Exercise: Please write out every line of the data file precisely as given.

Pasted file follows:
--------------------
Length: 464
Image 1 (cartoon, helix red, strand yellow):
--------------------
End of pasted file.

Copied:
Length: 464
Image 1 (cartoon, helix red, strand yellow):